April 25, 2023
This coming Sunday (the fourth of Easter) is traditionally called, by some Christians, “Good Shepherd Sunday”. The Risen Lord, in the Gospel of John (10:11,14), declares himself the Good Shepherd. But what exactly is Jesus revealing? Having little experience with shepherds and sheep, the analogy may seem distant and abstract for many of us.
Well, we at least know that a shepherd is a sort of care-taker. Jesus takes care of us. And the more caring, the “gooder”, the better! Indeed, Jesus goes to loving extremes in caring for us. As Saint John says (10,11), the good shepherd lays down his life for the sheep.
Now, ought not the Eucharist, a guaranteed encounter with Jesus, reveal to us something about Him as our Good Shepherd? I would venture to say “yes”. Indeed, listen to what Saint Peter Julian Eymard, a French Catholic priest, who died in 1868 (founder of two religious communities: the Congregation of the Blessed Sacrament for men and the Servants of the Blessed Sacrament for women) says about Jesus in His care-taking:
Is not our Lord as meek and humble in the Blessed Sacrament as He was during His life on earth? Is He not always the Good Shepherd, the Divine Consoler, the Changeless Friend? Happy the soul that knows how to find Jesus in the Holy Eucharist, and in the Eucharist all things!
The relationship between sheep and the Good Shepherd is one of intimacy and safety. Let us rejoice in being sheep! Our Risen Lord knows where He is leading us: to verdant pastures, where He gives us repose for our souls. Let us follow in faith, hope and love…
Jesus is Alive
April 18, 2023
Happy Easter! The celebration continues—for an octave, for a season, for ever. Indeed, the mystery of the Resurrection is inexhaustible.
Allow me to share with you an excerpt from a sermon preached many, many years ago, by Saint Quodvultdeus, Bishop of Carthage in what is now Tunisia. He was a spiritual student and correspondent with Saint Augustine of Hippo, forced into exile near Naples by the Arian King Geneseric, where he died in 450.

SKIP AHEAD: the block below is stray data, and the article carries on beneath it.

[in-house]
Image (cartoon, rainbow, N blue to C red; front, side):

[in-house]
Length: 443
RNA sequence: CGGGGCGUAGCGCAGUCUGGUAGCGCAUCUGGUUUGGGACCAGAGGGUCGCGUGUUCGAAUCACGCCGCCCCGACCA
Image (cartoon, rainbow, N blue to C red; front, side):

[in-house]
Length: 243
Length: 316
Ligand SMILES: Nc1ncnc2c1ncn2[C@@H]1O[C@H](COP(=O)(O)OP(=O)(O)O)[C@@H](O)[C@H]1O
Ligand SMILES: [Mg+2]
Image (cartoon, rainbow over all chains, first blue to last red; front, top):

Yours in our Risen Lord,
Corruption will no longer have dominion over us, as we live in immortality and dwell with Eternal Life Himself. Nor will we need clothing, for there we will be dressed in immortality; nor will we lack food when we have the Living Bread that came all the way from heaven to earth for us. For He will satisfy our souls with His presence. Nor, with the Fountain of Life present, will we lack drink. For He will satiate us with the abundance of His house, and He will provide water for our hearts with the torrents of His delights. We will not suffer from heat there, for our refreshment is there, the One who sheltered and shelters us under the shadow of His wings. We will not suffer from the cold there, for there is where the Sun of Justice is. He it is who warms our hearts with His love, and who give sight to our eyes with the rays of divinity, so that we will see the divinity and equality of the Father and of the Son and of the Holy Spirit. We will not get tired there, for our Strength will be with us, the One to whom we say, I love you, Lord, my strength (Psalm 18:2). We will not sleep there, for there is no darkness there that can blot out everlasting day. No commerce, no labor will be there. And what are we going to do there? Perhaps what it is written: Be still and see that I am the Lord (Psalm 46: 11). This leisure of contemplation itself will constitute our activity, so that we delight to contemplate and contemplate to see with delight. To see what? The good things of the Lord (Psalm 27:13). What good things? We will be able to express what neither eye has seen, nor ear heard, nor arises in the heart of man (Isaiah 64: 3.; I Corinthians 2:9). We will be able to explain how God will be all in all (I Corinthians 15:28).
Believing: More than Seeing
April 11, 2023
In this coming Sunday’s gospel of John (20:19-31), Jesus declares “Blessed are those
who have not seen and have come to believe.” What a strange declaration. Haven’t
we always been told that seeing is believing? And don’t we know from experience that
we are only really happy when we see for ourselves?
Happiness is indeed always linked to experience—most particularly the experience of
persons we love. And human experience does always entails seeing for ourselves, i.e.,
face-to-face, personal interaction. Jesus is telling us, however, that, when it comes to
Him, we can and will be happy even without seeing Him. How can this be? It’s called
faith! Faith is not simply a belief system about God. Faith opens us experientially to
God’s revealing of Self. Faith is a mysterious experience of God—without seeing a
thing… Strange indeed. Happy indeed. Our Risen Lord is alive and present and He
draws us to Himself.
Yours in Him,
THE REV. DOMINIQUE PERIDANS